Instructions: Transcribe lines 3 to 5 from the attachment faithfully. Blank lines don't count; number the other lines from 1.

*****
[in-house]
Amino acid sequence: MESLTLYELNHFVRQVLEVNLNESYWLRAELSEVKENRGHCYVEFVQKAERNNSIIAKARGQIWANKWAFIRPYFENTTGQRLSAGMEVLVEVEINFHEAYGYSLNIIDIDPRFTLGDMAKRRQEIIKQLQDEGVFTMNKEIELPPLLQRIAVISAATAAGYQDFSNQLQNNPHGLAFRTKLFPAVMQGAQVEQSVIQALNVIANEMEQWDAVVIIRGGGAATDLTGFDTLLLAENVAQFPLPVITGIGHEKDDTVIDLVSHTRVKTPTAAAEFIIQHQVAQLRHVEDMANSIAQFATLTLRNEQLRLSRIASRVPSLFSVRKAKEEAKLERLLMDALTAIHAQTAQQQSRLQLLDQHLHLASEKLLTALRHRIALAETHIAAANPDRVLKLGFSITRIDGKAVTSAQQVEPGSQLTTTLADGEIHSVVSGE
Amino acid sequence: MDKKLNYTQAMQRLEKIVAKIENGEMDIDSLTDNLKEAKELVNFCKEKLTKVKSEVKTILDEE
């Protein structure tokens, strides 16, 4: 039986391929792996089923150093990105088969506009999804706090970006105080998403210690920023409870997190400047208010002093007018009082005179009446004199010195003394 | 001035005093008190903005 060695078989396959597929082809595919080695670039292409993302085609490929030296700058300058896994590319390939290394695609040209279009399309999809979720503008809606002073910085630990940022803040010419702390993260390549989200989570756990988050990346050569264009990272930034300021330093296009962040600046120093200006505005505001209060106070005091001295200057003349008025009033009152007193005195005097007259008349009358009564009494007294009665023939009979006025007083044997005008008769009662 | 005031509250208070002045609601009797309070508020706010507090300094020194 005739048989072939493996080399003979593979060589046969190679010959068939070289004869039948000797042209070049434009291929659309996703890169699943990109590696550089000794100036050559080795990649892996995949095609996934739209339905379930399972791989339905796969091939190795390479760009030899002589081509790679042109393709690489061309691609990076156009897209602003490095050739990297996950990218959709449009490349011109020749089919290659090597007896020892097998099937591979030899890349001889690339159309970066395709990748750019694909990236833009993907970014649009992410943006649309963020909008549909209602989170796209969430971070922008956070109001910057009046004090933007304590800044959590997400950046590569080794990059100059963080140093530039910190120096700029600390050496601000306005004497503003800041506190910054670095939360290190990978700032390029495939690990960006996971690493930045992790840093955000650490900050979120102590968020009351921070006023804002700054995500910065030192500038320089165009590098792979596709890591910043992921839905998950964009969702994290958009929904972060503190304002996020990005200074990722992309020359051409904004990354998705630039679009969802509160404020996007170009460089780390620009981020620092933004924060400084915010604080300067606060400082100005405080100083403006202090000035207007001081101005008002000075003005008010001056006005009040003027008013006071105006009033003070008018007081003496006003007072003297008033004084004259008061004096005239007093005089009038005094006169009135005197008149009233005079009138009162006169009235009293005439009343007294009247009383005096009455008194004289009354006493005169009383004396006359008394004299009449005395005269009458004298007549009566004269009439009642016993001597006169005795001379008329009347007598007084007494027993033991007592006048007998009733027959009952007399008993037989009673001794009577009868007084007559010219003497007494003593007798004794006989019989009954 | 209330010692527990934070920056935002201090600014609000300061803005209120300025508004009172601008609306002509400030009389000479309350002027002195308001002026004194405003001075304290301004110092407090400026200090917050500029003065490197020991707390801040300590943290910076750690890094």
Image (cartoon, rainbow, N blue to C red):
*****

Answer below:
Amino acid sequence: MDKKLNYTQAMQRLEKIVAKIENGEMDIDSLTDNLKEAKELVNFCKEKLTKVKSEVKTILDEE
């Protein structure tokens, strides 16, 4: 039986391929792996089923150093990105088969506009999804706090970006105080998403210690920023409870997190400047208010002093007018009082005179009446004199010195003394 | 001035005093008190903005 060695078989396959597929082809595919080695670039292409993302085609490929030296700058300058896994590319390939290394695609040209279009399309999809979720503008809606002073910085630990940022803040010419702390993260390549989200989570756990988050990346050569264009990272930034300021330093296009962040600046120093200006505005505001209060106070005091001295200057003349008025009033009152007193005195005097007259008349009358009564009494007294009665023939009979006025007083044997005008008769009662 | 005031509250208070002045609601009797309070508020706010507090300094020194 005739048989072939493996080399003979593979060589046969190679010959068939070289004869039948000797042209070049434009291929659309996703890169699943990109590696550089000794100036050559080795990649892996995949095609996934739209339905379930399972791989339905796969091939190795390479760009030899002589081509790679042109393709690489061309691609990076156009897209602003490095050739990297996950990218959709449009490349011109020749089919290659090597007896020892097998099937591979030899890349001889690339159309970066395709990748750019694909990236833009993907970014649009992410943006649309963020909008549909209602989170796209969430971070922008956070109001910057009046004090933007304590800044959590997400950046590569080794990059100059963080140093530039910190120096700029600390050496601000306005004497503003800041506190910054670095939360290190990978700032390029495939690990960006996971690493930045992790840093955000650490900050979120102590968020009351921070006023804002700054995500910065030192500038320089165009590098792979596709890591910043992921839905998950964009969702994290958009929904972060503190304002996020990005200074990722992309020359051409904004990354998705630039679009969802509160404020996007170009460089780390620009981020620092933004924060400084915010604080300067606060400082100005405080100083403006202090000035207007001081101005008002000075003005008010001056006005009040003027008013006071105006009033003070008018007081003496006003007072003297008033004084004259008061004096005239007093005089009038005094006169009135005197008149009233005079009138009162006169009235009293005439009343007294009247009383005096009455008194004289009354006493005169009383004396006359008394004299009449005395005269009458004298007549009566004269009439009642016993001597006169005795001379008329009347007598007084007494027993033991007592006048007998009733027959009952007399008993037989009673001794009577009868007084007559010219003497007494003593007798004794006989019989009954 | 209330010692527990934070920056935002201090600014609000300061803005209120300025508004009172601008609306002509400030009389000479309350002027002195308001002026004194405003001075304290301004110092407090400026200090917050500029003065490197020991707390801040300590943290910076750690890094």
Image (cartoon, rainbow, N blue to C red):